Four humours

From ArticleWorld

The four humours (or humors) are the four fundamental fluids of the human body: yellow bile, black bile, phlegm and blood. Greek thinkers in Antiquity connected them with the four elements theory and associated them with medical science.

Hippocrates and Aristotle

Around 400 B.C., Hippocrates formulated his theory about the humors. Yellow bile was seen as associated with the summer and the fire, symbolizing the liver and allowing one to be easily angered and bad tempered. The black bile was associated with autumn and earth, symbolizing the brain and lungs. It was seen as making persons despondent and irritable. Phlegm, associated with winter and water, symbolizing the ball bladder, was the one that made persons calm. The blood, associated with the spring and air, was symbolizing the spleen and was responsible for the courage.

Aristotle saw these humors as characterizing the sensuous pleasure, the acquiring assets, the moral virtue and the logical investigation respectively.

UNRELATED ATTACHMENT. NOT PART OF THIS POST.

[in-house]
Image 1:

Importance in medicine

The four humors were considered to be of a high importance in medicine for a long time. Early scientists considered an imbalance in these humors (dyscrasia) to be the cause of all diseases, and the state of general health was determined by a state of balance in these humors (a state called eucrasia). This has left serious marks in common practice. For example, blood letting and purges were still mainstream in the 18th century, as they were considered to regulate the balance of humors. An abnormalities or disease of the blood is often referred to as a blood dyscriasia.

In fact, the four temperaments described by Galen in the 2nd century were based on these humors, and it is still used, along with other similar classifications. Originally, they did not refer to psychological characteristics, but to body conditions and predispositions to various states, caused by these humors. It is important to note, however, that the perception about the influence of these humors has changed dramatically in time.